Two days before the sad demise of popular TV actress Pratyusha Banerjee, a 17-year-old, prize-winning artist Delta Meghwal’s corpse was recovered from the water tank of her hostel in Bikaner, Rajasthan. While the mainstream media has been covering Pratyusha’s death in full swings, this poor girl and her pain was smoothly turned blind eyes to. Delta was raped on campus by one of the faculty members and then compelled to give it in writing that it was a consensual act. Outrageous, yet went unnoticed. Is it because of the indifference to the agony of the oppressed or was this news ‘item’ not good enough for the channel’s TRP?
Delta was a Dalit girl hailing from a poor family in Barmer district of Rajasthan. A gifted painter as she was and striving to excel in academics, Ms. Delta was on her way to make into the society bold and fearless. This idea of her emerging fearless or emerging at all, did not sound good to her teacher.
(Her award winning art-work)
According to the reports, she had called her father a night before she was found dead. She was in a bad state and told him that their warden Priya had asked her to go to PT Instructor Vijendra’s room for some ‘cleaning’. When she reached, Vijendra raped her. The matter escalated and was obvious to reach the management. Hoping for justice, Delta was once again let down by her faculty. Shameless or Indifferent, whatsoever it may be, the management tried to cover up the incident to prevent the image of their institute from being maligned. Delta was forced to render a written apology along with a statement that this happened with mutual consent.
Next day, she was found dead. Since her body was found, the college has been trying to portray it as suicide whereas many student organisations across the country and members of some civil society groups claim that she was murdered. The attitude of the management was outrageous and one would have hoped for the police to remedy it.
To the contrary, our fierce policemen added to the indignity rendered to the deceased. They took her body in a municipal tractor that is used to carry garbage around the city. Icing, there was no videographing the crime scene or procedure. Sheer negligence and, may we point out, apathetic and insulting approach towards the talented young girl who should not have faced all this.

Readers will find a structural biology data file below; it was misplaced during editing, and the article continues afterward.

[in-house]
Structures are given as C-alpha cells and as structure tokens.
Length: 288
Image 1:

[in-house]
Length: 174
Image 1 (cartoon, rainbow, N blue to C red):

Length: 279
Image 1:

An obvious questions that media failed to grasp, let alone ask, is why was she asked to clean a teacher’s room? Isn’t that the job of a sweeper? Or, was she considered one of them? Was it a ploy for rest of the events to unfold? Why was a case against Vijendra not filed immediately since the girl is legally a minor? Why did the college make her state that the abuse was a consensual act?
Sure as hell, no comparisons can be made between the two deaths. Except on one grounds. Why did one get all the attention in the world and the other case left to rot? Shouldn’t the mainstream media (print and TV) give a little more attention to crimes like these where the voices of people from weaker sections of the society are stifled? Why don’t we see a debate around safety of Dalit girls, as clearly they are considered as an easy catch? Why did the police not follow standard procedures or show some dignity?
Although the rape has been confirmed in medical reports and Vijendra has been arrested, the head of the institute and the hostel warden still roam freely. Both of these have committed derogatory acts and should in no case be let gone.
The voices of the oppressed as buried as if they never were heard. This is just one case. Many such cases have gone unnoticed, thanks to the society we live in. Many cases happen every day in small villages and towns, the news of which dies faster than the victim. Rohith’s death opened up the gates to acknowledging and questioning caste dynamics in the country. Delta’s death should make that debate even bigger.
If a report by national daily, ‘The Times of India’ is to be believed, crimes against Dalits have witnessed a 245% increase in the last decade!! If this is not an evidence of the biggest failures of our democracy, I don’t know what is. Despite 67 years of freedom from the yoke of imperialism, our own social vices of stigmatising the people from so-called lower castes have caged us.